[ExI] MAX MORE in Second Life yesterday

nvitamore at austin.rr.com nvitamore at austin.rr.com
Fri Jun 13 22:21:24 UTC 2008

From: Michael Anissimov 

On Fri, Jun 13, 2008 at 6:24 AM, Natasha Vita-More <natasha at natasha.cc>

>>Further that "humans as they are known today are no longer significant in
>>shaping the world" is assumptive based on single-track thinking that SI
>>occur outside of human and that humans will not be a part of the SI

>Natasha, the possibility of a hard-takeoff AI operating largely independent
>of humans is a real possibility, not single-track thinking.

Yes, it is a possibility of course. I was not saying that it is not a real
possibility.  I was saying in response to Keith that suggesting it to be a
given/only situation is a single-track.   

>If someone created a smarter-than-human AI, it might be easier for the AI
>initially improve upon itself recursively, rather than enhance the
>intelligence of other humans.  This would be for various reasons: it would
>have complete access to its own source code, its cognitive elements would
>operating much faster, it could extend itself onto adjacent hardware, etc.

Sure.  But that would not prevent a human from teaming up with the AI and

>Even a friendly superintelligent AI might decide that it's easiest to help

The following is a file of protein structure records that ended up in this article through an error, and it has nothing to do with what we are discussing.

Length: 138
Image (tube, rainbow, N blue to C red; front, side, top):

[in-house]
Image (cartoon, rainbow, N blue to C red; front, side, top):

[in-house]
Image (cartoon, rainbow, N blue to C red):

>humans by improving itself quickly, then actually offering help only after
>it has reached an extremely high level of capability.

Sure. But that would not prevent a human from treaming up with the AI and

>Are you familiar with the general arguments for hard takeoff AI?  

Yes of course.

>>My earnest approach to the future is the combined effort of the human
>>and technological innovation in enhancing human to merge with SI through
>>stages of development and not one big event that occurs overnight.

>This may be your preference, but it may turn out to simply be
>technologically easier to create a self-improving AI first.  Sort of like
>how I might like to say that I'd prefer for fossil fuels to be replaced by
>solar power, but replacing them with nuclear seems far simpler

Yes, it might.  And it might be a good idea.  But, again, that does no
prevent the other option.  Actually it might help it.  Bty, I wrote a paper
two years ago on this. It is published in some journal in the UK. Peter
Voss worked with me on it.  It is about the human and the AI.  You should
read it.  

Oh, this is timely ... I am presenting another paper in Vienna in 3 weeks
on the Singularity at Universitat Fur Angewandte Kunst Wien. 
http://www.dieangewandte.at/  The title is "The Mediated Technological
Singularity:  Human Use as a Passport to Technological Innovation".

I'll pose some quesitons to the list about content next week.


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